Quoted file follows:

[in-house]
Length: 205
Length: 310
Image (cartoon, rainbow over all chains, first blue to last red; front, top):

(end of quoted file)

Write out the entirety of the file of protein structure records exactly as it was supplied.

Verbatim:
[in-house]
Length: 205
Length: 310
Image (cartoon, rainbow over all chains, first blue to last red; front, top):